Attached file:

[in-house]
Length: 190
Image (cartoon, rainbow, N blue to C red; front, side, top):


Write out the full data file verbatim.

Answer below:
[in-house]
Length: 190
Image (cartoon, rainbow, N blue to C red; front, side, top):